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Nigeria retains lower middle-income status -World Bank

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Nigeria retains lower middle-income status -World Bank

Nigeria retains lower middle-income status -World Bank

Nigeria has maintained its status as a lower middle-income (LMI) country in the World Bank’s annual income classification for 2024-2025. This categorization, which places Nigeria among 23 African nations in the same bracket, underscores the nation’s ongoing economic growth despite significant challenges.

Historical Context and Progress
Nigeria’s journey to its current LMI status has been marked by considerable economic shifts. In 1987, Nigeria was classified as a low-income country. However, due to progressive economic development and an increase in gross national income (GNI) per capita, Nigeria ascended to the lower middle-income category by 2022. This classification includes countries like Angola, Benin, Cape Verde, Cameroon, the Republic of the Congo, Côte d’Ivoire, Djibouti, Egypt, Eswatini, Ghana, Guinea, Kenya, Lesotho, Morocco, Papua New Guinea, São Tomé and Príncipe, Senegal, Tanzania, Tunisia, Zambia, and Zimbabwe.

The World Bank’s Classification System
The World Bank categorizes global economies into four groups based on GNI per capita: low, lower-middle, upper-middle, and high income. These classifications are updated annually on July 1st, based on the previous year’s GNI data. For lower-middle-income economies, the GNI per capita is higher than that of low-income economies but below a set higher threshold. These figures are adjusted using the Atlas method, which standardizes comparisons by accounting for differences in price levels and currency exchange rates.

Since 1989, the Atlas method has been instrumental in providing a consistent framework for economic comparisons. This method ensures that the classifications reflect real-world economic conditions, factoring in inflation and exchange rate fluctuations.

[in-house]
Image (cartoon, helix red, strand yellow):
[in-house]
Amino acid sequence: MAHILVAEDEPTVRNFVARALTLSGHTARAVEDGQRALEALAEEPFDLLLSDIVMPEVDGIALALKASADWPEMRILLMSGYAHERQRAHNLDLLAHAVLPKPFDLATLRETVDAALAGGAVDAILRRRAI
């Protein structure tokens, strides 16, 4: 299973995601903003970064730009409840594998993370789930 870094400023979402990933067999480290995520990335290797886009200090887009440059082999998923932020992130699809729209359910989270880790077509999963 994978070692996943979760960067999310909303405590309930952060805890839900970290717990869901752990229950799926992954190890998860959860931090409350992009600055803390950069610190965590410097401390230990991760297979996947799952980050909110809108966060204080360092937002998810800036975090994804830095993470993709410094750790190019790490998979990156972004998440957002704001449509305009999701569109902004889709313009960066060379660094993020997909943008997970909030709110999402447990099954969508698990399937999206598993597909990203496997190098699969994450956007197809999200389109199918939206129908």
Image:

Demographic and Economic Projections
A study from the International Futures (IFs) modeling platform projects significant demographic changes for Lower Middle-Income Africa (LMI Africa) by 2043. In 2019, LMI Africa had a total population of 697.8 million. This figure is expected to rise to 1.17 billion by 2043, representing a substantial increase of approximately 472.2 million people over 24 years.

The study links these demographic changes to the African Union’s Agenda 2063, particularly its third ten-year implementation plan. Agenda 2063 is a long-term vision aimed at promoting inclusive growth and sustainable development across Africa. It focuses on economic prosperity, social equity, and environmental sustainability.

Nigeria, with the largest economy among LMI Africa nations, had a GDP of $560.7 billion in 2019, while São Tomé and Príncipe had the smallest economy at $317 million. The study also highlights Nigeria’s significant agricultural potential, noting that average crop yields in LMI Africa could increase by 44%. Such improvements in agricultural productivity are projected to reduce the percentage of people living in extreme poverty by nearly five percentage points, bringing it down to 33.3% by 2043.

Implications for Nigeria
Nigeria’s retention of its LMI status signals both achievements and ongoing challenges. While the country has made strides in economic growth, the substantial proportion of low-income countries in Sub-Saharan Africa, including Nigeria, highlights the need for continued development efforts.

The World Bank’s report indicates that, despite progress, Sub-Saharan Africa still has a significant number of low-income countries compared to other regions. In 1987, 74% of Sub-Saharan African countries were classified as low-income. By 2022, this proportion had decreased to 46%, reflecting regional improvements but also underscoring persistent economic disparities.

For Nigeria, maintaining its LMI status involves addressing key areas such as economic diversification, infrastructure development, and social services enhancement. The country’s economic policies must continue to focus on sustainable development to ensure long-term growth and stability.

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